Everyone has probably heard the old axiom about curiosity killing the cat, meaning that your urge to discover gets you into trouble you can’t get out of. Cats are not the only ones who have trouble with that: I found a Web site that listed inventors who were killed by their own inventions. Google it – there are several Web sites that list them.
I am not sure that anecdotal evidence means that we should not be curious and/or inventive, however….think of all the advances we would not have had somebody not been driven by the urge to know, discover and create. It’s only problematic when it causes consequences that were both unintended and unexpected. I read somebody’s research paper once that said there are four outcomes to every situation: expected and unexpected, and intended and unintended. Most of the things that we humans do have the usually desired outcome: expected and intended. When I turn on the light switch, I expect the light to come on, and that is the outcome I intended to occur when I flipped the switch. Unexpected things include such effects as getting shocked by the electricity, or setting the house on fire because there is an electrical short that sparks inside the wall. Those outcomes are unexpected and unintended.
The same thing happens when people enact laws. Their expected and intended outcome may not occur because of various interpretations others put on their words. It did not occur to the original lawmakers that anyone in their right mind would interpret their words in any way other than what they had expected and intended, so they did not include language that prohibits outcomes that they did not expect, and did not intend. For example, the original founders of federal aid to poor people did not intend that aid to become generational, and prompt those poor to procreate proliferously in order to earn a few more free dollars per month, because at the time the program was adopted, people were actually ASHAMED to get charity, and worked diligently to support themselves instead. That is no longer the case, and there are a lot of modern people who literally work the system to bilk as much free money as they can.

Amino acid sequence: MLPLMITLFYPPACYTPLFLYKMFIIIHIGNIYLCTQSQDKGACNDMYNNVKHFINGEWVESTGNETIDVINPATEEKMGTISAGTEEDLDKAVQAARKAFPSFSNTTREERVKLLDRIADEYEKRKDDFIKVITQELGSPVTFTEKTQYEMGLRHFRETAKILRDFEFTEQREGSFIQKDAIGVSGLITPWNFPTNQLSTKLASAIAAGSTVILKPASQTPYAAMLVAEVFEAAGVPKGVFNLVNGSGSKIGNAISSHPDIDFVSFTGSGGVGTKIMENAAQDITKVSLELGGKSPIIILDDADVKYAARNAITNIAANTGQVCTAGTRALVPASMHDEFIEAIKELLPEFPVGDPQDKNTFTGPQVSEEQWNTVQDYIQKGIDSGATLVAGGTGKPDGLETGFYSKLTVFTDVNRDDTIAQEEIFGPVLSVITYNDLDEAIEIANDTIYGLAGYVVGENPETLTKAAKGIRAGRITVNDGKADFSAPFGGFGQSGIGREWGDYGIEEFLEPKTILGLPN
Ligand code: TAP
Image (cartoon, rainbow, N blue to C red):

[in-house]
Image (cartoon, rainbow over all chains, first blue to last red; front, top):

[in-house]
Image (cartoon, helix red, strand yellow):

I teach school, and I know for a fact that this is human nature. For over twenty years, I have watched SOME students (not all) work like dogs trying to avoid doing the right thing. Instead of exercising their curiosity and inventiveness in positive ways, they look for any possible way to cheat and take shortcuts. They will work slavishly cheating, when to do it properly in the first place would have required considerably less effort, trouble and expense (time and money). I am sure you have seen that, too. There will always be people like that – they are satisfied with being less than they could be. Giving them help is a waste of resources, until they discover for themselves some motivation to do and be better. As long as there is a minimal free ride, they are content. They might be VERY vocal in their complaints, but they make no move to be better in spite of running their mouths. This is a very sad fact, compounded by very poor choices in life – whatever the reasons behind those poor choices.
Frankly, I am not interested in their problems – I have enough of my own. I live with seven cats, whose curiosity keeps me pretty busy rescuing THEM.